Hello

I am unsure of the correct way to make this function below(multiply) stop if a condition is true?

The reason why is because of the function type, its not an int, string, void etc, I am unsure how to stop a function whos type is the class name?

Do I use...
return;
return -1;
return EXIT_SUCCESS;
return FAIL;

#include <iostream>

using namespace std;

class set {
      
      public:
             set multiply(const set &other) const;
             
      private:
              int num;
};

set set::multiply(const set &other) const
{
    
    if (num == 0) {
        cout << "Function 'multiply' stopped \n";
        return -1; // is this the correct way to stop/end this function or should I use return; or return EXIT_SUCCESS;
    }
    
}

Edited 7 Years Ago by gretty: n/a

Your return value is the type of function that you declared.

For example if you make int sum(int x, int y) { return x+y; }
this function returns an integer.

Your return value is a set and that is a class type you defined.

It looks like you are just returning a value to say it did it. You could get away with declaring the function void and have no return value.

example

void multiply(const set &other)

but if you want it to return the value of the 2 sets multiplying then you want to return int for your num.

example

int multiply(const set &other)
{
return num*set.getNum();
}

I put the attribute getNum() in because num is declared private.

Well it is definately wrong.

The reason is that the method say it will return an object of set, but -1, EXIT_SUCCESS etc is an integer so it will not compile.

The return from a function is based on what will happen later and how bad it is.

For example consider say [icode]set divide(const set& other)[/icode]
in the above. [multiply is a bad choise since 0 * a number is ok.
What options do we have, well we could have

this->num=5 other.num=2 

that would be a slight problem, since 5/2 in the set of integers is 2. Maybe you need a warning? Or we could hvae other.num=0 and things have gone very wrong.

There are four main options:

(a) set an other variable : status and put the status of the result but always return a valid output.
(b) set the output (if it is a class) to some-predefined error status.
(c) throw an exception
(d) exit the code.

First off, (d) well if the whole thing has gone wrong nobody will want to be running the code, but it can be a bit drastic.
(c) This is a bit drastic still, because if there is no catch block then it is the same as (d), however it allows large objects to be propergated back, and clears up the memory properly in most cases [don't use in a constructor unless VERY careful, never use in a destructor.]
(b) Often acceptable, but beware that it is likely this should be tested for, that is often why exceptions are preferred since they force testing.
(a) Same as (b) but disjoint and that can cause some problems.

There are no hard rules, many many function return only their error status, and the other changes happen to function variables.
The STL uses both exceptions and valid but requiring checking objects, e.g. find returns the end() iterator when nothing is found.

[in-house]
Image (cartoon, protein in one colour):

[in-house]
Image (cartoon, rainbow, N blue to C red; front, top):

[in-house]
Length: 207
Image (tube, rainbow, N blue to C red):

It is a question of program architecture and likely user. E.g just you, some one using your library, etc.

Edited 3 Years Ago by Reverend Jim: Fixed formatting

Well it is definately wrong.

The reason is that the method say it will return an object of set, but -1, EXIT_SUCCESS etc is an integer so it will not compile.

The return from a function is based on what will happen later and how bad it is.

For example consider say [icode]set divide(const set& other)[/icode]
in the above. [multiply is a bad choise since 0 * a number is ok.
What options do we have, well we could have
this->num=5 other.num=2 that would be a slight problem, since 5/2 in the set of integers is 2. Maybe you need a warning? Or we could hvae other.num=0 and things have gone very wrong.

There are four main options:

(a) set an other variable : status and put the status of the result but always return a valid output.
(b) set the output (if it is a class) to some-predefined error status.
(c) throw an exception
(d) exit the code.

Like you said, I am trying to stop the function if I encounter an error

But I am unsure how to stop the function becuase of its type, if it was an int function I'd just use return -1;

The above code was a simple example; this is what I am really doing:

set set::unions(int x) const
{
    // pre : none
    // post : returns the union of this set and x (if x in range)

    int setRange = getUpperRange();

    // Check that x is within setlist vectors' range
    if (x > setRange) {
        cout << "Cannot perform action: parameter is outside setlist vector range \n";
        return -1;
    }

/// there alot of other stuff that will be performed, that goes here, if the above condition is not true
}

I have the error message like you suggested but I dont know how to stop the function if I run into an error?

Edited 3 Years Ago by Reverend Jim: Fixed formatting

It depends : you have two options:

(a) leave the set unchanged. Simple do return *this; .
You will have to have an suitable copy constructor in you class but it is likely that you have one set(const set&) (b) ok, big error, then throw RangeError; or some such exception. [Note you have two write a RangeError class or use a STL exception class] But be careful to ensure you catch it latter.

However, you cant return -1. That is not acceptable (unless you can cast -1 to a set??? -- you might have added a suitable operator -- doesn't seem like a good idea but .... )

Edited 7 Years Ago by StuXYZ: n/a

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